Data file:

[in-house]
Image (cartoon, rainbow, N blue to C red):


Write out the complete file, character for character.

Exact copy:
[in-house]
Image (cartoon, rainbow, N blue to C red):